Pueblo Mountains Hikes

Day Hikes in the Pueblo Mountains
The Pueblo Mountains are truly a land of hidden charms. Located just south of Steens Mountain, this little-visited range appears dry, desolate and barren when first viewed from the Fields-Denio highway. Its green stream canyons and colorful rock formations are concealed within the range’s interior, though still easily accessible. It can take a leap of faith for day hikers to leave the highway and venture into these interior canyons, but they will be well rewarded. There are no developed campgrounds in the Pueblos, but dispersed campsites are common, especially at Little Cottonwood Creek, just off the highway. Gas, supplies and water are available nearby at Fields Station.

Though the geology of the Pueblos is continuous with Steens Mountain, it is much more complex, with layers of older mineralized rocks overlain by recent basalts, all uplifted in a massive fault block. The solitary summit of Pueblo Mountain itself rises over 8,600’ in the middle of the range and catches most of the rain and snow. It is flanked by low hills, long uplifted ridges, interior wet meadows and stream canyons flowing out of the range to the east. The appeal of the Pueblos lies in this juxtaposition of its dry, treeless rocky slopes with these isolated springs, seeps and streams lined with willow and aspen — which attract most of the wildlife and support diverse populations of birds, small mammals, mule deer and even bighorn sheep.

Download (PDF, 549 KB): Location Map of Pueblo Mountains Hikes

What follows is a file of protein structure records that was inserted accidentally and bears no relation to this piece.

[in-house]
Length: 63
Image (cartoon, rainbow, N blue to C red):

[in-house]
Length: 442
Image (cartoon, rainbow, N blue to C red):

Download (PDF, 587 KB): Photos of Pueblo Mountains Area

The Pueblos are the epitome of a less-traveled mountain range. Though bisected by a segment of the Desert Trail, a 22-mile long corridor marked by rock cairns extending from Denio to Fields, few backpackers undertake this trip. Even fewer day hikers explore the Pueblo’s interior canyons and ridges, though a hardy few occasionally climb Pueblo Mountain’s summit peak. This range is not nearly as well-known in Southeast Oregon as Hart and Steens Mountains, and frankly is not nearly as dramatic and varied a hiking destination — but for those willing to explore off the beaten path, it has several attractive day hikes to reward the adventurous.

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For a nice introduction to the Pueblo range, the hike along Little Cottonwood Creek can be a good starting place. Here, a nearly continuous band of low cottonwood thickets winds over 3 miles deep into the Pueblos and supports a wide variety of nesting and migrant songbirds. For a more challenging hike, the 2.3-mile trail up Colony Creek climbs over 1,700’ along a small, alder-lined perennial stream, leading to wet meadows, colorful rock outcrops and old mining ruins in the upper basin. Finally, the hike along the West Pueblo Ridge offers panoramic views and easy walking on the top of an up-tilted, 7,000’-high basalt ridge with colorful, lichen-covered rock outcrops. All three of these trailheads can be reached by any passenger car on fair-to-good dirt roads off the Fields-Denio highway.

Little Cottonwood Creek Hike
Colony Creek Trail
West Pueblo Ridge Hike

Clickable map of Pueblo Mountains hikes:

Pueblo Mountains Clickable Map Pueblo Mountains Clickable Map Pueblo Mountains Clickable Map

Page last updated: 1/15/13